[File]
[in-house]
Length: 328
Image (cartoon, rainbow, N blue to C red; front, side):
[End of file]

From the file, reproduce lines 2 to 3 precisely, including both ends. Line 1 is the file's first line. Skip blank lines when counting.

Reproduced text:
Length: 328
Image (cartoon, rainbow, N blue to C red; front, side):